November 15, 1999 12:00pm
Policing the sex industry: City to weigh background checks for club owners
Source: LAS VEGAS SUN
by: Diana Sahagun
Would-be adult club owners and outcall operators in North Las Vegas may have to undergo background checks and follow strict new guidelines.
The North Las Vegas City Council will consider two ordinances 7 p.m. Wednesday that will put new
regulations on the sex industry, following the lead of Henderson and other local governments.
If the adult club ordinance becomes law, applicants would have to consent to police department and business license checks that would examine their financial background, employment history and criminal records.
They would be referred to the chief of police for fingerprinting and photographs, and be required to submit a list of convictions including incest, lewdness and indecent exposure.
The proposed ordinance also would ban alcohol where there are totally nude shows, as is already done in the county, and it would change licensing fees from a fixed charge every six months to 1 percent of gross earnings monthly.
Currently, interested adult club owners in North Las Vegas are required only to obtain a standard business license, just as they would for a retail store. No background checks are required.
The city regulates only where adult clubs can be located -- in industrial zones.
Outcall operators would have to get a special license and have an established place of business. The proposed ordinance would require applicants to detail the methods of operation, hours of business and the methods of supervision.
As with the adult clubs, background and police checks would be required, and those who have convictions of pandering, sale or distribution of a controlled substance or embezzlement could be denied licenses.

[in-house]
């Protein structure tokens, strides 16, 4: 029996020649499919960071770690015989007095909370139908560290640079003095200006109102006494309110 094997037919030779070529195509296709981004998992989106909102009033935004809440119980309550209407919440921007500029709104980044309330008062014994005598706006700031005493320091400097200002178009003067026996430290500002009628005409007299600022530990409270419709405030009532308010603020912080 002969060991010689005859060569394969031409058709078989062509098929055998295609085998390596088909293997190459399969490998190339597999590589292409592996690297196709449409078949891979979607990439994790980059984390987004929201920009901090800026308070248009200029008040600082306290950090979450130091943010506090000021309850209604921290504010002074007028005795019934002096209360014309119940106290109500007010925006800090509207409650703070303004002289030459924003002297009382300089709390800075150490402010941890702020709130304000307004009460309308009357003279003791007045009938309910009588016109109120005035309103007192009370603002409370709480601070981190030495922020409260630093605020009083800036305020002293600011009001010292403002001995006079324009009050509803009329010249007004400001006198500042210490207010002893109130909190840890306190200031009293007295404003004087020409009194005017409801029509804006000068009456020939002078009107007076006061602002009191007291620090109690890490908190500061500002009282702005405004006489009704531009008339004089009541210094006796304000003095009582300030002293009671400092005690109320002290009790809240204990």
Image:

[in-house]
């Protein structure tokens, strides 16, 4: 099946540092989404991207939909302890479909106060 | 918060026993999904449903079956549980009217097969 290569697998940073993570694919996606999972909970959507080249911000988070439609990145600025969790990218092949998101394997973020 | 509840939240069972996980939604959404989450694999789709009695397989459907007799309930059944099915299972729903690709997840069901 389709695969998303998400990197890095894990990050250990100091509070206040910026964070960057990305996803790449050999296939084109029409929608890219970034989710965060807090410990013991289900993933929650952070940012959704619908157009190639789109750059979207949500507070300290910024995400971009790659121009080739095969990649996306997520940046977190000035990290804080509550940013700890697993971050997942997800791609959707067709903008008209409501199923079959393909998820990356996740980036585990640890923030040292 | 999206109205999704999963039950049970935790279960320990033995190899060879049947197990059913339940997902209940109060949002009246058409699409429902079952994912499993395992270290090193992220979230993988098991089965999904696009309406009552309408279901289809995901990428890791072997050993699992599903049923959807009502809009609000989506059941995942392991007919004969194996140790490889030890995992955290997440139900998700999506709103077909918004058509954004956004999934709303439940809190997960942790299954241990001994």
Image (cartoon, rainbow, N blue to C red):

In addition, outcall employees would need a physician's certificate saying they are free from communicable diseases.
The license fee for an outcall entertainment business is 1 percent of gross revenues.
The council is scheduled to take a final vote on both ordinances Dec. 1.
City officials decided to propose the new adult club rules after the city receive inquiries from businesses interested in opening sexually oriented establishments, one an adult cabaret, Acting City Attorney Mark Zalaoras said. Zalaoras would not say who made the inquiries.
"We simply have not had regulation on sexually oriented businesses, and we need to get regulated," he said. The adult club ordinance would be similar to one passed in Henderson in 1993.
Representatives from the ACLU say if passed, the new ordinance won't stand up in court.
Allen Lichtenstein, a Las Vegas attorney who also works for the American Civil Liberties Union, says the depth of the background check is intrusive.
"The courts have said it is unconstitutional" to require that kind of background check, Lichtenstein said. "You have a right to these businesses, and it is an invasion of privacy to have a 'right' contingent upon the government checking your background. That type of intrusive scheme can not exist."
In addition, he said, an increase in fees has to be justified.
"The courts have said that fees for licensing can only be limited to the need to cover expenses," he said. "It can't be used to discourage these businesses."
Two legal sexually oriented businesses operate in North Las Vegas, Zalaoras said. The Palomino Club on 1848 Las Vegas Blvd. North has totally nude shows, and Satin Saddle on 1818 Las Vegas Blvd. North has topless shows. Both have existing licenses to serve alcohol and have nude or semi-nude shows.
A third club, Lacy's Lounge, is attached to the Palomino Club. All three are owned by Gail Perry and family.
Zalaoras said the two strip joints will most likely be grandfathered in once an ordinance is passed. In time the permission might be phased out, he added. The ordinance says that after 20 years all nonconforming establishments must be changed to a conforming use.
Zalaoras says the ordinance will allow sexually oriented businesses to get licensed as long as they follow the guidelines.
"This ordinance is being drafted so we can ensure the businesses are legitimate and to bring the city in line with other entities in the Las Vegas Valley," he said. "The ordinance will provide us with the guidelines to protect health and human welfare."
It might also limit the number of adult entertainment businesses that come to North Las Vegas.
Since Henderson passed its regulations on sexually oriented businesses, no one has applied to open a strip club, David Lee, administrator for business licenses in Henderson, said.
"Once they find out they have to adhere to all these provisions, they don't come back," he said. "We've seen absolutely no activity."